Louisville health officials are staying the course on their coronavirus testing guidelines despite a recent controversial change made by the Centers for Disease Control which drew the ire of national infectious disease experts.
Bill Altman, who is leading the city’s testing efforts as a consultant, said Thursday that the highest testing priority remains those who have been exposed the the coronavirus.
“What CDC specifically said, which is causing some consternation nationwide, is that they’re no longer recommending testing of asymptomatic people, even those who know are known to be exposed to someone who is tested positive,” said Altman. “And that is clearly not the plan that we’re following.”
The CDC website now says that if a person was within 6 feet of a COVID-positive person for 15 minutes but don’t have symptoms, they “do not necessarily need a test unless you are a vulnerable individual or your health care provider or State or local public health officials recommend you take one.” USA Today reported that national infectious disease experts said the new guidance was reckless.
More: ‘This change in policy will kill’: Experts troubled by CDC changes to COVID-19 testing guidelines
Also: Kentucky Gov. Beshear calls CDC’s new COVID-19 testing guidance ‘reckless, inexplicable’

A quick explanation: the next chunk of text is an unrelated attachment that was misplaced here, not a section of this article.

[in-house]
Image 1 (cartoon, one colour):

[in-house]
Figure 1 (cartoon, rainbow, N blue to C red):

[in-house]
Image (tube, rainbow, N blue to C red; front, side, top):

Louisville Metro Department of Public Health and Wellness epidemiologist Rui Zhao, too, said the philosophy is still to prioritize limited resources for those who are likely to be positive.
“For those who are asymptomatic, you’re less likely to have a negative health outcome,” he said. “So therefore quarantining or isolating will be as an effective measure … I believe that we’re still pretty consistent with what we’ve been recommending is that just trying to prioritize our resources, and to the best of our abilities so that people that are in need, and get what they need first before everyone gets their shot at it.”
Dr. Steven Stack, the state public health commissioner, said Wednesday that Kentuckians should stick with the state health department guidelines and get tested if they’ve had a high risk of exposure — especially if they are around a person who’s part of a high-risk population, such as an elderly person or someone with other health complications.
Louisville now has had 11,767 coronavirus cases, with zip code 40219 showing the most cases per capita. Louisville Mayor Greg Fischer announced 180 new cases Thursday and one new death. The city’s positivity rate is 9.2%.
Karen Handmaker, who oversees contact tracing, said most positive cases come from family members or “natural closest contacts” but schools, restaurants and large gatherings are also culprits.
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